July 18, 2009

A Brief History of Imperial Measures

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Did you ever wonder why a foot was a foot and an inch an inch? We have, and we've been looking around for more information. Imperial measures have a rich history. The INCH comes from the Latin “unicia” meaning one-twelfth, but the size was first set by King David I of Scotland. He stated, about 1150, that an “ynch” should be the same width as a man’s thumb at the base of his nail. The length of an inch was redefined by Edward I of England in the 13th century as the length of three grains of barley, dry and round, placed end-to-end.

A FOOT in many cultures is based on the average feet of the population. A foot from Northern England was about 10 inches long, whereas a Roman foot was just over 11.5 inches. The Polish had the largest foot measuring 14 inches. The YARD began as the distance from nose to out stretched fingertip of King Henry I who ruled between 1100 and 1135. Those of us working regularly with fabric still use a similar length to roughly measure a piece of fabric. The work “yard” is derived from an Old English word meaning twig or straight branch.

(special thanks to R. I. Davis, our favorite tailor and a wealth of information.)

July 4, 2009

Natural Coutil: it's green!.. well that means natural colored fibers (and it's made in the USA)

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coutil>COUTIL: cou⋅til/kuˈtil, -ˈtɪl/ [koo-teel, -til] –noun a sturdy fabric constructed of a compactly woven herringbone twill.

Origin: 1850–55; <>

Coutil, also spelled coutille, is a fabric that has been used in corset making since the fabrics origin. The reversing angle of the twill wales contributes to it’s toughness. It is a perfect match for use with steel or whalebone.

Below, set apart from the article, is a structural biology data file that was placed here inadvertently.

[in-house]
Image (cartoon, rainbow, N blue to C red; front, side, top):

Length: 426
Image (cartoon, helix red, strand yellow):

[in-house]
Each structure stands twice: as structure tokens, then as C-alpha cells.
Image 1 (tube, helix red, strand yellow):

At Period Corsets® we make our stock corsets in 100% cotton Natural Coutil, an unbleached fabric. We always pre-wash the fabric before we make the corset; this pre-shrinks the cotton so our corsets are ready to be worn and washed or dyed to any color of the rainbow.

In the early days of Period Corsets, we offered corsets in White Coutil only—our signature color. We quickly realized our clients wanted other colors, so we added options like black, peach, and pink. Two years ago we changed all our stock corsets from White to Natural. The Natural Coutil is not bleached, so it does not go through the same chemical processes that white coutil does. (It also has the added benefit of being milled in the USA.) The cotton fibers used in this coutil look like they just came off the plant, as natural as it comes.

Natural Coutil fits well with our customers needs--it’s still easily dye-able and doesn’t show stains as quickly as White. Since our corsets are used show after show, day after day, and stay in costume shops stock for years, it’s nice to have corsets that hold up well and maybe supports just a little our endeavor to keeping the earth a bit cleaner too.